Limited evidence suggests that, under some circumstances, GA3 can cause a reduction in pasture growth in future grazing rotations (lag).
There is conflicting evidence around whether this effect can be influenced by management, in particular, N fertiliser application. Further research is needed in this space, however, it is important to be aware of the potential for reduced growth in future rounds and factor this into feed planning and management.
Despite the potential for a ‘lag’ effect, net dry matter responses to GA3 are generally positive. In addition, GA3 may provide value by ‘shifting’ feed from a period of surplus to a deficit, allowing for improved utilisation directly by the grazing animal.
Therefore, the greatest value from GA3 is likely to be offered:
Applications outside this period may still provide value but are reliant on achieving good DM yield responses to GA3 and minimising the opportunity for any subsequent depression in growth by:
The cost (c/kg DM) of dry matter responses to GA3 are highly affected by the net yield response to GA3 and also influenced by the method of application (self-applied or contractor).
There are several products available in New Zealand containing GA3. These vary slightly in cost, ranging from approximately $1 - $1.40/ g of active ingredient or $8 - $12/ha (incl. the cost of surfactant; as at October 2020).
At an average short-term response of approximately 300 kg DM/ha, the minimum cost of this response is 3 - 4 c/kg DM, however, this does not include any application costs.
Contractor charges to apply range between $30 - $50/ha (incl. chemical) or 10 - 17 c/kg DM.
These costs are dependent on achieving a good response to GA3, which can be highly variable. If the net yield response was instead only 150 kg DM/ha, the cost of additional feed generated increases to 20 – 33 c/kg DM.
If self-applying the chemical with your own spray equipment, consider the opportunity cost of labour, particularly through early lactation.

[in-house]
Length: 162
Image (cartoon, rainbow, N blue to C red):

Replacing a small amount of N with GA3 in early spring and/or autumn may be an option for some to reduce N use while still influencing the timing of pasture supply. However, there is a limit to the quantity of N that can be replaced without negatively affecting pasture production. GA3 may be a tool in the toolbox, however it is unlikely to be a ‘silver bullet’ to reducing N use.
Both N fertiliser and GA3 are used to influence the pattern of pasture production in the shoulders of the season. As they are used for similar purposes, it seems intuitive that GA3 could be used to replace at least some of the N used within our farm systems.
However, to minimise subsequent depressions in growth, GA3 should not be applied to N deficient pastures. As a result, there is clearly a limit to the quantity of N that could potentially be replaced without having an adverse effect on pasture production.
An unpublished study at Lincoln University investigated the effect of replacing N with GA3 over two, four or six applications during the year (split between autumn and spring). Annual pasture yield declined at the rate at which N was removed, however, total yield remained greater than the control which received no N or GA3 (Miller, Bryant, Hague and Edwards unpublished).
With very little evidence of the effect of N application rate on net yield responses to GA3, it is difficult to provide definitive advice. However, when using GA3 to replace N, management needs to focus on reducing the opportunity for pastures to be N deficient. For some, this may mean applying smaller applications of N more frequently.
A plausible strategy may involve applying half the rate of N normally applied in combination with GA3 for one round pre-balance date and again in late autumn. Although the opportunities to reduce N use through this approach are relatively small, this may be enough for those operating at the borders of N restrictions.